Table 1 XRD data and unit cell parameters of Sr2FeMoO6 and Sr1.9K0.1FeMoO6

parameters (112) (004) (312) a(Å) c(Å) V(Å3)
Sr2FeMoO6 32.096¡ã 46.014¡ã 57.139¡ã 5.580 7.882 245.4
Sr1.9K0.1FeMoO6 32.121¡ã 46.073¡ã 57.243¡ã 5.573 7.872 244.5

3.3 IR analysis
The IR spectrums of the precursors obtained after pyrolysis, pre-sintering and the final product are showed as curve a, b and c in the Fig.5. In the curve a, the absorption peaks at about 854cm-1 and 1384cm-1 are due to the stretching vibration of NO3; the absorption peak at about 1614cm-1 is due to the stretching vibration of COO in the citrate complex; the sharp absorption peak at about 2170cm-1 is due to the stretching vibration of CO2 as the fluffy precursor may absorb a little CO2; the wide and smooth stretching vibration band at about 3420cm-1 is ascribed to the intermolecular hydrogen bond or the O-H in the water molecular. Through comparing curve a and b, it can be found that the stretching vibration bands of NO3, COO, O-H and CO2 weakened obviously after the pre-sintering; the stretching vibration bands at about 1457cm-1, 830cm-1 and 618cm-1 are ascribed respectively to CO32-, MoO42- and Fe-O in the FeO6 octahedral of perovskite structure, which is consistent with the result of XRD analysis (in Fig.3). The curve c shows that the stretching vibration bands of NO3, COO, O-H, CO2, CO32- and MoO42- in final product almost disappear; the new absorption band at about 480cm-1 can be ascribed to the bending vibration of Mo-O-Fe, which indicates that the Mo-O and Fe-O bonds has transformed into Mo-O-Fe bonds after the thermal reduction.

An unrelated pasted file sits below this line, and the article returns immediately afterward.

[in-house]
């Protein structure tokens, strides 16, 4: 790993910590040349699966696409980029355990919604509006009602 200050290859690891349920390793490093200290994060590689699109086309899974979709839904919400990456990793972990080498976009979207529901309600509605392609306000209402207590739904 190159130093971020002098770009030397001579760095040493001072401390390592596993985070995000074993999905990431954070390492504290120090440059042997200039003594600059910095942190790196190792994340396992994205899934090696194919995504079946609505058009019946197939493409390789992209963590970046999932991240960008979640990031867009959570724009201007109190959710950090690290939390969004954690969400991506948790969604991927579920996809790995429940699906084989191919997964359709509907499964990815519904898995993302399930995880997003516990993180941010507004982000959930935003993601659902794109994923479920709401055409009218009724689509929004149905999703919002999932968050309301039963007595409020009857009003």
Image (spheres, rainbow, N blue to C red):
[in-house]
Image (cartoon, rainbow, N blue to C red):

Fig.5 IR spectra of precursors obtained after pyrolysis, pre-sintering and the final product

3.4 EDS analysis

Fig.6 EDS pattern of Sr1.9K0.1FeMoO6

    Fig.6 shows the X-ray energy dispersion spectrum (EDS) of the final products. Based on it, the molar ratio of Sr, K, Fe and Mo in this sample obtained by quantitative analysis is nearly agreement with the designed ratio (1.9 : 0.1 : 1 : 1), which indicates that the composition elements of the raw material have transformed into final product and the final product is expected Sr1.9K0.1FeMoO6.
3.5 Magnetism of sample
The magnetization versus field curve (M-H) of Sr1.9K0.1FeMoO6 is showed in Fig.7. It shows that the magnetization was still not saturated as the applied field rose to 0.7 T from 0 T. The saturation magnetization of the sample is 1.62mB/f.u., which is obtained as the linear part of magnetization versus 1/H curve was extrapolated to 1/H = 0.

Fig.7 M-H curve of Sr1.9K0.1FeMoO6

The primary mechanism of sol-gel method for the synthesis of Sr1.9K0.1FeMoO6 were obtained by the means of X-ray diffraction, infra-red spectrum, thermal gravimetric and differential thermal, and X-ray energy disperse spectrum. It is as follow: component elements still exist as the form of amorphous citric complexes after the pyrolysis of gel at 180¡ãC and no corresponding oxides are formed; then the precursor obtained after pyrolysis is decomposed and transformed into simple compounds SrMoO4 and SrFeO3-x by pre-sintering at 600¡ãC; finally, thermal reduction reaction at1200¡ãC leads to the formation of Fe-O-Mo bond, i.e., generating the final product Sr1.9K0.1FeMoO6.